Chris Pickering gets to grips with the Honda Civic Type R, the fastest front-wheel-drive production car to lap the fearsome Nürburgring Nordschleife
Decked out with more vents and spoilers than a Friday night in a McDonald’s drive-through , the new Honda Civic Type R could never be accused of hiding its light under a bushel. But what you see here is the real deal. It’s the fastest front-wheel-drive production car ever to lap the fearsome Nürburgring Nordschleife. Find a long enough straight and it will crack the best part of 170mph.
Under the bonnet there’s a two-litre turbocharged four-cylinder petrol engine, producing 320PS (316bhp) and 400Nm of torque. It’s a relatively mild revision of the engine found in the previous generation Honda Civic Type R, which courted controversy somewhat among Honda fans by abandoning the brand’s traditional high-revving naturally aspirated format in favour of forced induction.
Two years down the line, things have moved on. The idea of a turbocharged Honda no longer raises any eyebrows and neither does the firm’s decision to put all that power through the front wheels. While an increasing number of hot hatches are now turning to four-wheel drive, Honda points out that a front-wheel drive set-up is both lighter and more efficient.
The chassis is based on the regular 10th-generation Civic, which uses an innovative ‘inside-out’ assembly process. Here, the inner frame is assembled first, followed by the outer frame and then the joints. The resulting structure is 16kg lighter than the previous Honda Civic Type R’s, despite being both longer and wider. It also yields a torsional stiffness improvement of 37 per cent and a static bending rigidity improvement of 45 per cent.
As with the previous model, all Civic Type Rs – even those bound for export to Japan – are produced by Honda UK Manufacturing in Swindon. For the international launch, however, we headed slightly further afield, to the de-restricted Autobahns of Germany.
Traffic prevented a proper attempt at the claimed 169mph top speed, but the Type R was still pulling determinedly at an indicated 156mph. More importantly, it felt absolutely rock solid at that speed. All those aerodynamic accoutrements, it turns out, are there for more than just show. In fact, Honda claims this is the only car in its class — and one of relatively few road cars full stop — to produce genuine downforce, as opposed to simply negating lift.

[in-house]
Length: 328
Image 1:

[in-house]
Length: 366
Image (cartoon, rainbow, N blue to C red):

Accelerate hard from low revs and you can sense the engine building up boost, but there’s no real lag. That’s thanks, in part, to the use of variable valve timing and lift on both the camshafts, which enables very careful control of the exhaust back pressure. The throttle response is pin sharp, aided by a single-mass flywheel, which reduces the clutch inertia by some 25 per cent over the outgoing model.
It all adds up to a hugely fast car. The mighty mid-range torque is accompanied by a genuine appetite for revs. Before you know it, the engine is lunging for the 7,000rpm limiter and it’s time to grab another gear. If anything, Honda’s claim of 0-to-62mph in 5.7 seconds feels a little conservative.
Following the blast down the Autobahn we headed to the Lausitzring to sample the car on track. Grip is prodigious, as you might expect, but what really impressed was how well the Type R manages to blend agility and composure.
At 1,380kg, it’s a relatively light car by modern standards, and it slices through the direction changes with scalpel-like precision. The variable-ratio electrically assisted power steering also helps. It isn’t the most communicative system, but it does feel remarkably intuitive; the only clue to its non-linear nature is the fact you can negotiate the tightest of turns without shuffling your hands around the wheel.
Honda’s decision to stick with front-wheel drive has been well and truly vindicated. Those of a hooligan persuasion might argue that driving the rear wheels can be more fun, but at no point
did the Type R’s chassis feel overwhelmed by its power. Torque steer is almost completely absent, thanks to the dual-axis front suspension concept carried over from the previous model. This puts the wheel carrier on a separate knuckle to the main MacPherson strut, placing the steering axis much closer to the centreline of the wheel. There’s also a proper mechanical limited-slip differential, aided by an electronic system that can selectively apply the brake on either side to quell any wheel spin. It works brilliantly, although it’s not as addictive as the ultra-aggressive differential on the previous model.
Away from the track, the biggest strides forward are actually to be found in the more everyday aspects of the car. The previous Honda Civic Type R was a real hardcore headbanger. It was great for track-day enthusiasts, but the ride was simply too stiff for UK roads in its most aggressive setting. For the new car, Honda has stuck with magnetorheological dampers, but switched to a triple-chamber design, which provides a much wider range of adjustment. It feels positively plush in comparison and should help to significantly broaden the car’s appeal.
The acoustics have also been carefully optimised to make the new Honda Civic Type R substantially quieter while cruising. Uniquely, it features an additional tailpipe in what is essentially a twin-exit exhaust system. At high flow rates, this third pipe acts as an additional exhaust outlet, giving the engine a deeper growl. But at lower gas velocities, the flow reverses, sucking in ambient air to prevent the booming noise that would otherwise fill the cabin. The resulting soundtrack isn’t the most symphonic, but it is suitably purposeful.
The end result is a car that retains most of the previous Type R’s razor-sharp focus, while offering a far more useable day-to-day proposition.